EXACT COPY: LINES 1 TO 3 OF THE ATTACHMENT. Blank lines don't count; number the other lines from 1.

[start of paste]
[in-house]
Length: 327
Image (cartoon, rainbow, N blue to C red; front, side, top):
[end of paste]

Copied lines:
[in-house]
Length: 327
Image (cartoon, rainbow, N blue to C red; front, side, top):